Friday, December 17, 2004


I think I’ll just meander today. Christmas day is coming and there’s not a lot on my mind except what I should get Nancy for Christmas. Hopefully my ramblings will make some sense to you.

Nancy and I took a nice day-trip to Kansas City yesterday. We began by having lunch at Lidia’s. If you’re ever in Kansas City I highly recommend it to you. It started with the most incredible vegetable soup I’ve ever had. That was followed by an absolutely wonderful pasta dish, especially the ravioli filled with cheese and just a hint of lemon. As soon as I took the first bite my eyes rolled back in my head. “Oh, man,” I thought. This food is almost too good.” I haven’t had Italian food that good since we lived in New Jersey.

After that very delicious and leisurely lunch we spent about an hour in Westport doing the type of shopping Nancy loves most – antiques. It’s her environment. So, we went from shop to shop, Nancy picking up a bauble or two and me along for the ride. I’d occasionally see something that appeared to me interesting, but each time I asked for the price it would be something like five, six, seven, or in once case nine hundred and fifty smackeroos, which I’ll talk more about it a minute.

I always find these trips amusing. It seems like my eye catches the most expensive pieces offered. What’s that called? Champagne taste with a beer wallet, if I’m not mistaken. But then I think about it. Do these shop owners just see me coming? As soon as I enter the shop I wonder if the sellers and merchants don’t inwardly clap their hands together with glee and say to themselves, “Oh this is an uniformed buyer if I ever saw one. It’ll be list plus about fifty percent for him.”

Not knowing a thing about antiques is a real disadvantage. When a fella’, who I assumed was the shop owner, saw my interest in a small wood etching of what appeared to me to be a couple of German farmers commiserating about the weather or disobedient wives or some other topic that interests farmers, he asked if I’d like to know more about it. I told him that I did and he opened the case. “Looks quite old to me…..Maybe 18th century…..Oh yes…..It may even be older…..Looks like it has worm holes…..That says it’s old for sure.”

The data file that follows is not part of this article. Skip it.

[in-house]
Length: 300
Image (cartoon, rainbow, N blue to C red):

“How much?” I asked
“Only $950.”
“Is that all?” I feigned shock that something “so old” would cost so little.
The shop-owner responded to my skepticism. “I’d like to discount it a bit for you, but as old as it is I can’t really do this piece justice.”
I slowly retreated. “I’ll think about it.”
I spent the next few minutes observing Nancy just wandering around. She decided to buy a candle for about twelve bucks. As she was paying I told her about the wood etching. “It’s probably very old…..Maybe 18th century…..And it may even be older…..I think it has worm holes…..That says it’s really old, doesn’t it?.....I’ll buy it for you if you like.”
Well it’s a good thing there aren’t two “marks” in the family. Nancy’s response to my generous offer was, “Nah, that’s okay Slick, I’ve got this candle and that’ll be enough for today.” I’ve learned over time how to translate this little “Nancyisms.” It was her way of saying that the candle was about as old as the etching and it was a whole lot cheaper.